Israel’s new finance minister, Yair Lapid, has introduced the country to a fictional character by the name of Mrs. Rikki Cohen from Chadera, who, in his view, personifies the middle class.
Mrs. Cohen is a teacher who together with her high-tech husband earns NIS 20,000 a month, which has to cover the cost of raising their three children (and, presumably, dog) and traveling abroad only once every two years. She owns an apartment in Tel Aviv, but doesn’t know how she’s going to buy homes for her children.
Though Mrs. Cohen sounds like a woman in distress, we don’t know the half of it. This poor woman is literally “carrying on her back the entire Israeli economy,” according to Lapid, who demands to know: “What are we [in the government] doing for her? Do we remember we work for her?”
With this call to action, Lapid sent his number-crunchers at the Finance Ministry back to the drawing board. He wants a budget that cuts NIS 15 billion or more, but which doesn’t harm the “middle class.” He wants to ensure that Mrs. Cohen will have a few more shekels at the end of the month, and, most importantly, will get some relief for her aching back.
If the situation weren’t so sad, it would be funny. For starters, the notion of appointing a finance minister who has no background in economics is practically unheard of in the Western world. It makes about as much sense as appointing a Histadrut labor leader to be defense minister, which is what former Prime Minister Ehud Olmert did in 2006. The failed Second Lebanon War is evidence of how that turned out.
Yair Lapid, a talented media personality who used his charisma and communication skills to win 19 seats in the Knesset, would have done little harm as foreign minister, who gets to travel around a lot and give interviews — things Lapid is good at. But finance minister?
In his attempt to show the “real face” of the Israeli middle class, Lapid has revealed his own real face. He has shown us that he is unfit for the job not just because he doesn’t understand the first thing about economics. He is unfit for the job because he is cut off from the people.
He has spent too many years in the high-paying, glitzy world of media — earning, according to Haaretz, NIS 2 million a year — to understand what it means to be middle class, much less poor.
Mrs. Cohen, by all objective standards, isn’t middle class. According to sociologist Dagan Buzaglo, the author of a report on poverty put out by the Adva Center research institute, she belongs to the upper class. “The ‘middle class,’ as perceived by Lapid, is fictitious,” the researcher concludes.
The problem isn’t one of semantics, but of policy. As Buzaglo notes, Lapid is captive to a mistaken view of the entire structure of Israeli society. He’s focused on the “troubles of the rich,” while ignoring the weaker classes and their distress.
Thus, in his desire to make it possible for Mrs. Cohen to travel abroad every year, he is willing to raise VAT tax from 17 percent to 18 percent, and impose it on fruits and vegetables. Instead of taxing those who “have” — the group he knows all his life and feels beholden to — he wants to tax those who don’t have, forcing them to compromise on the nutrition and health of their children.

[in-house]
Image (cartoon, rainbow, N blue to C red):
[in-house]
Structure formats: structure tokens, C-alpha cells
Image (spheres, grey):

His jaded view of society relates to the chareidi world, as well. He is convinced that chareidim are freeloaders, riding on the backs of hard-working, over-taxed people like Mrs. Cohen. The solution, in his view, is to stop all assistance to these “takers,” so that the “productive” segment of society can finally enjoy the fruit of its labors.
This view, which is similarly detached from reality, was inciting and dangerous when it found expression in his columns and speeches over the years. But they could be devastating if they become policy at the Finance Ministry.
None other than Guy Rolnick, the editor of Haaretz’s economic newspaper TheMarker, took aim at Lapid this week. “When Lapid entered his new office, he was forced to confront for the first time [facts and figures] that he and his friends have until now been able to avoid. … It is not the chareidim, nor the residents of Yehudah and Shomron [who are taking up all the tax funding], but a small group of well-organized, moneyed interests who control the national resources, the lawmaking and enjoy the privileges.
“The chareidim may come away the beneficiaries of this government without chareidim,” he continued, “because in another two or three years, it will no longer be possible to market the story that our economic problems are due to the chareidim.”
To be fair, it doesn’t take a formal education in economics to run an economy. For many years, the powerful Knesset Finance Committee was headed by MKs from United Torah Judaism, including, in recent years, Rabbi Yaakov Litzman and Rabbi Moshe Gafni. They, and their predecessors, had no formal economic education, but they worked hard and, most importantly, knew whence they came. They are part of their communities and understand their very real needs.
Lapid can learn economics on the job, with the help of the many professional advisers at his disposal. The question, though, is can he learn to feel the distress of those who are genuinely in need, and care enough to do something about it.